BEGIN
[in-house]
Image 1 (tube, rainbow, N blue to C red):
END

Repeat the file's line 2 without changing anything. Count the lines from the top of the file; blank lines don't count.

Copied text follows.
Image 1 (tube, rainbow, N blue to C red):